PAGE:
There's something Durangish about a play starting at 3:20 in the afternoon. After all, Christopher Durang, author of the savage Sister Mary Ignatius Explains It All For You, The Marriage of Bette and Boo, and Beyond Therapy has livened his works with dollops of the absurd, splashes of Catholic angst and enough genuine Weltzschmerz to keep his creations from being useless. The Durang Project, part of the Third Annual Midtown International Theatre Festival presented at Raw Space, is five blackout skits that thunder off into situations that are both hilarious and Kafkaesque, where perfectly normal and innocent folk must interface with lunatics.
The first skit, The Doctor Will See You Now, opens with a lady (Lori Evanson) in a shedding feather boa erupting into a Broadway show-stopper that's part of a public-service announcement about VD. The action shifts to the exam room where the doctor (Tim Cross) and nurse (Sophia Thomas) insist to the sad-sack patient with the seasonal allergies (Craig Thom Cook) that he has a venereal disease. Later, they pinch his address book and call his wife and parents to inform them of same.
DMV Tyrant, where Seth Rudetsky's motorist was aggressively not served by Cross's DMV clerk, is so close to the truth of what people go through that it's squirm-inducing, while in Funeral Parlor, Christy Paysen's uptight widow was accosted by J. Brent Peebles's nutcase, who insisted that she keen like a banshee; the payoff was unexpectedly moving.
Randie Shane was hilarious as the eponymous Kitty the Waitress, who's supposed to wait on a guy (Cross) recuperating from a divorce at a tropical island resort. But then again, she can't be his waitress, because she's a cat. Madness, underscored by lugubrious Edith Piaf songs, ensues.
Madness also permeates the last vignette, Business Lunch at the Russian Tea Room, which is fueled by excellent performances by Peebles as a stand-in for the author and Rudetsky, who shines like tinsel as a pompous Hollywood bigwig ("I love to stand in a long line and just walk to the front and cut in") who's willing to pay the put-upon writer stupid money to crank out preposterous screenplays.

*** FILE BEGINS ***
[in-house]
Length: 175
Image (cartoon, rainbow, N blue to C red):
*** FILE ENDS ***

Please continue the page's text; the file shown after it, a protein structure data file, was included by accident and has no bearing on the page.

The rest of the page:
Though the playlets have an inevitable sketchiness to them during a show that's a little less than an hour long, Durang is still capable of delivering a sting; "I'm Episcopalian" explains Paysen's emotionally blocked widow. Sara Najjar's lighting plan was unadorned, with the light nearly always bright and unfocused, save in Doctor, where there was a spotlight on Rudetsky's piano player as he accompanied Evanson's crazy lady. The set design was simple, just arrangements of small tables and chairs. Costume coordinator Cheryl Widner also kept the costuming unexceptional, save Evanson's ratty feather boa and Shane's quasi Frenchmaid-cum-Apache dancer's threads. Michael Klimzak's direction was equally spare, with the actors moving no more nor less than necessary. Clearly the emphasis was to be on Durang's words, and in The Durang Project, it's enough.
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Copyright 2002 Arlene McKanic